Video of the Inaugural Parkinson's Webinar Available: Does Exenatide Reduce Non-Montor Symptoms?

26 June 2018

JPD is working in partnership with The Cure Parkinson’s Trust (CPT) to provide information about breaking research news to be featured on the new web portal for people with Parkinson’s (PwPs) called Parkinson’s Movement: As part of this collaboration, a brand new Quarterly Parkinson's Webinar Series sees the the discussion of specific Parkinson's disease research topics is brought into the open.

The first webinar in our quarterly series took place on June 19, 2018. The topic for discussion was: "Does exenatide reduce non-motor symptoms in Parkinson’s disease?” The webinar was chaired by JPD Editor-in-Chief Patrik Brundin and joined by fellow panellists: Tom Foltynie from UCL in London, who led the exenatide trial; Nigel Greig and Dimitrios Kapogiannis from the NIA (National Institute on Aging); and exenatide trial participant Penny Kustow. To view the recording, click below.

Research in Focus: Hype vs Hope
The aim of the Parkinson's Webinar Series is to widen engagement and increase transparency. Communicating about research is a vital aspect of creating awareness. The discussion of the first webinar focused on a clinical trial that measured the effects of exenatide on non-motor symptoms of Parkinson's disease; this study was recently published in JPD, see here. One of the researchers in this study (Tom Foltynie) and one of the trial participants (Penny Kustow) explained their roles in the study, and were joined in the discussion about exetanide and its future potential by fellow PD researchers Nigel Greig and Dimitrios Kapogiannis from the NIA (National Institute on Aging) and, the chair of the webinar, Patrik Brundin (JPD Editor-in-Chief).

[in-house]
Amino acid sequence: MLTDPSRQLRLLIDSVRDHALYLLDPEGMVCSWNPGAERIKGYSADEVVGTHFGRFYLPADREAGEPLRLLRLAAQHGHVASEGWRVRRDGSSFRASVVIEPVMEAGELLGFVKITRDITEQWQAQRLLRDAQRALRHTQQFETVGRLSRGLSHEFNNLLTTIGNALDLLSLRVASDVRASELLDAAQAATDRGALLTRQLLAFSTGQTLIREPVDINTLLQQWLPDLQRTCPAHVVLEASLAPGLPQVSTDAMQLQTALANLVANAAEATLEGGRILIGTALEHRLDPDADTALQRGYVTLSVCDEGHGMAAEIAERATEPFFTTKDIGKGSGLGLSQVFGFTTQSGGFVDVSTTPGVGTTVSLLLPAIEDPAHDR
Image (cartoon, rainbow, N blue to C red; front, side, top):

The Parkinson's Movement website has one section where research articles that hit the news are put under the microscope, debunking myths, balancing over hyped headlines and ensuring the research is placed in context.

The JPD paper that formed the topic for discussion in the webinar has been rate to have a 91% impact (see here) in relation to non-motor symptoms, indicating exenatide could improve mood and emotional wellbeing. These results fall within a range which would be meaningful to people with Parkinson’s and will inform the design of future clinical trials, which would establish whether these effects are statistically significant. One of the Parkinson's Movement panelists and JPD associate editor, Tilo Kunath, comments: “This study provides new evidence that exenatide can benefit non-motor symptoms of Parkinson’s in addition to the already reported benefit to motor symptoms. This adds to the urgency of a multi-centre clinical trial for this GLP-1 agonist.”

Next webinar: September 2018 – date to be announced. Keep an eye on this page to be kept up-to-date, or to receive the announcement direct to your inbox you can sign up for the JPD newsletter at: